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Daniel Marc Richards - MENA Economist
Published Date: 03 May 2018
The Emirates NBD Purchasing Managers’ Index for Egypt rose to a positive 50.1 in April, just above the neutral 50.0 mark which delineates contraction and expansion in the non-oil private sector. This marks an improvement on the 49.2 reading in March, and is only the second time in 31 months that the index has read positively. This is in keeping with real GDP growth, the improvement in which has to now largely been driven by public investment and an external rebalancing. However, we anticipate that the PMI index will be more consistently positive over the coming quarters, as ongoing economic reforms and loosening monetary policy encourage greater private sector activity.
This outlook is supported by the data from the future-looking components of the survey. Although output remained at a neutral 50.0 in April, meaning that a strong recovery in present conditions is yet to take hold, new orders rose from 50.0 to 51.0, boding well for future surveys. Of all the components of the headline reading, new orders has staged the biggest recovery, having fallen to just 36.3 in November 2016, just as Egypt entered into its IMF-sponsored reform programme. Optimism over future conditions remains high at 72.6 as well. Although this has fallen from an average 79.0 over the previous two quarters, nearly half of all respondents (49.5%) expect output volume to be greater in 12 months’ time, compared to only 4.3% expecting a deterioration.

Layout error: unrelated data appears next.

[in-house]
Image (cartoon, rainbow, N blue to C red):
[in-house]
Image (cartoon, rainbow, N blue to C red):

The positive effect of the currency devaluation enacted in November 2016 as part of the IMF reform programme can still be seen in new export orders, as the more competitive currency likely contributed to the fourth consecutive month of 50.0-plus readings in April. The effect of the devaluation has not been universally positive, as purchase prices have been elevated in the intervening months. However, this is starting to dissipate, with 59.7 in April the lowest reading since April 2015.
Source: IHS Markit, Emirates NBD Research
Egypt PMI: Back below 50.0
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